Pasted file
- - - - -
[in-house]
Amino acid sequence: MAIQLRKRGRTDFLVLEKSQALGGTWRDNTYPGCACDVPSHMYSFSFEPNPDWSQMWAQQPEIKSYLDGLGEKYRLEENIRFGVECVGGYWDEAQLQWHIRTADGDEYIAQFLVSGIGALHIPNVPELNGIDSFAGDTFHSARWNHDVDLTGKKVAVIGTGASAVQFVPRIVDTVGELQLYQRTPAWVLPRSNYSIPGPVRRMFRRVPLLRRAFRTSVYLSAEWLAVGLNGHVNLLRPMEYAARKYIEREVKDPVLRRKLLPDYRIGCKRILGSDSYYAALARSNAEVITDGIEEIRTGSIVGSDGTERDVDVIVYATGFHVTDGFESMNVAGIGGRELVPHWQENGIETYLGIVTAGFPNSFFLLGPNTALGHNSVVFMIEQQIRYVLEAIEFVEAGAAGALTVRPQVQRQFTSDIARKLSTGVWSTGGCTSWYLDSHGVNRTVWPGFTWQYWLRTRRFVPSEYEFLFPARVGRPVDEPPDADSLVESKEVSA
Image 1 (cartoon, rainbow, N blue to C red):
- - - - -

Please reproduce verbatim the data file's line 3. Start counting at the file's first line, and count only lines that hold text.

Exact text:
Image 1 (cartoon, rainbow, N blue to C red):